In Depth

Fact Check: The truth behind Donald Trump's popularity

Do voters regret putting him in the White House? The Week looks at the latest polling figures

Trump rally

As Donald Trump approaches his 100th day in office with the lowest approval rating of any US president, is there any evidence his supporters are having buyer's remorse?

What is the press reporting?

Last week, The New York Times interviewed disgruntled Trump supporters in Pennsylvania's 8th District, a swing district which narrowly backed the Republican candidate in last year's election.  

"[He's] just like any other damn president," said one woman who expected Trump to improve conditions for veterans and overhaul the healthcare system. It was just "political bluster," she said.

However, others were willing to give the business mogul more time. "Many still trust him, but wonder why his deal-making instincts do not seem to be translating," the paper says.

The Washington Post, meanwhile, argues that the disillusioned Trump voter is largely a myth.

The story in the New York Times paints "a pretty grim picture" of how some Republican voters now view the President, the newspaper argues. "And it's quite possible it's an accurate one of this particular district. But if it is, this district is not an accurate microcosm of Trump supporters more broadly."

What does the public think?

The latest opinion poll for ABC News/Washington Post found that just 42 per cent of Americans approve of the President's performance, the lowest rating since polling began in 1945. At a similar point in his presidency, Trump's predecessor Barack Obama had an approval rating of 69 per cent.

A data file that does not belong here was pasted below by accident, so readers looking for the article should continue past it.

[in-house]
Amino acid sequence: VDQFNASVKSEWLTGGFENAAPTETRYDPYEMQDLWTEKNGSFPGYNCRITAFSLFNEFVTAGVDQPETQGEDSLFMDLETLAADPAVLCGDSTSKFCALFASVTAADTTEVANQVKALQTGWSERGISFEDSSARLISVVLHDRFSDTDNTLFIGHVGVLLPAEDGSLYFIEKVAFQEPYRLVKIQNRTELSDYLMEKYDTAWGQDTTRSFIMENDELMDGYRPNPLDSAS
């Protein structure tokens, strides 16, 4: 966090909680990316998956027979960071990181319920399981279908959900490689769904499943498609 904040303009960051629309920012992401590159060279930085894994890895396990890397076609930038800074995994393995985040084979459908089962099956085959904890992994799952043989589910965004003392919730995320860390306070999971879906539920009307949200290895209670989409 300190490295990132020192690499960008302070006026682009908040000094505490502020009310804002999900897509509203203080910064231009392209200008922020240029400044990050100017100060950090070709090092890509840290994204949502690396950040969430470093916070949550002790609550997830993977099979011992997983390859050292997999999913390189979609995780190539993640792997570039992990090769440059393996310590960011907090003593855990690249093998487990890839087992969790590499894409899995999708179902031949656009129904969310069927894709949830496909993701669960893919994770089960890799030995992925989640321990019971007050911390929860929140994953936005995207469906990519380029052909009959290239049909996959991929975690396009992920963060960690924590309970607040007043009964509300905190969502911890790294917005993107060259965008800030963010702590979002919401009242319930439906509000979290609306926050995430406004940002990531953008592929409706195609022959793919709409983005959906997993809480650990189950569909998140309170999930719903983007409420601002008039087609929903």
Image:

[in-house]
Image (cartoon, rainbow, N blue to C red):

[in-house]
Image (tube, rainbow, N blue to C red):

The results of the survey tie in with FiveThirtyEight's national poll tracker, which puts Trump's average approval rating at 41.6 per cent, with 52.9 per cent of people disapproving of his leadership.

"On most questions about his performance or characteristics, Trump receives more negative than positive ratings," the Washington Post says of the latest poll.

Despite this, the President's supporters remain fiercely loyal. The ABC/Post survey found that 96 per cent of people who voted for him in the November ballot would do so again today, with just two per cent regretting their vote.

Meanwhile, support for failed Democratic challenger Hillary Clinton has waned. Among those who backed her last year, just 85 per cent said they would vote the same way again, suggesting Trump would win the popular vote in a hypothetical run-off between the two candidates.

"That's not because former Clinton supporters would now back Trump," says ABC News. "Instead, they're more apt to say they'd vote for a third-party candidate or wouldn't vote."

The President, typically dismissive of opinion polls, took to Twitter to welcome the results, though failed to mention his low approval rating.

Is it the end for Trump?

Although Trump is unpopular with the general electorate, there is little evidence to suggest that his core supporters have lost faith in his leadership – at least not yet.

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